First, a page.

A stereoscopic survey of the 2014 Mu 69 produced with some of the first data from the New Horizon flip flop by the Copper Belt object.
Credit: NASA / Journals Hopkins University Applied Physics Laboratory / Southwest Research Institute
The new horizons spacecraft fell silently yesterday (January 4), but the communication pause is expected, and scientists on the mission will have a lot of data to keep them occupied in the Intermediary mission staff members at a News Conference held January. .
The data blackout will last for about five days, mission major investigator Alan Star of the Southwest Research Institute said during the event, which is supposed to issue new discoveries about the copper belt object the probe just visited, called the 2014 Mu 69 and Nominated Ultima Thule . The spacecraft is right to start transmitting again on January 10.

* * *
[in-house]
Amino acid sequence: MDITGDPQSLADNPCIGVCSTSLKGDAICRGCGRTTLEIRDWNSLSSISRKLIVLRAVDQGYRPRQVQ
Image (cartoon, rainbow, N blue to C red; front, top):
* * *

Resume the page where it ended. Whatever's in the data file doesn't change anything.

The interference was triggered by the spacecraft space on the far side of the interference-causing sun, which prevents data transmission back to Earth by radio waves. (This is not a unique problem, the Parker Solar Probe, though billions of miles away from new horizons, experiences download breaks for precisely the same reason.)
Once again, the new horizons and the sun blend more favorably, the dump data will resume – though not fast. All told, it will take about 20 months for all the data now tried on the probe to be back on Earth. That data includes "literally hundreds of images and spectra and other data types," Stern promised.
But just because there's no new data coming in doesn't mean the scientists will be twisting their thumbs. "While the spacecraft is behind the sun, science teams will continue to work on the data we have," said the news conference.
The group will reunite in about two weeks, after transmission resumes, to review what they found in the DataReal on Earth and in the first case, after the blackout. "I expect there will be some pretty good news, so you'll hear from us again in just over two weeks with the additions to what we've already learned about this wonderful place," Stir said.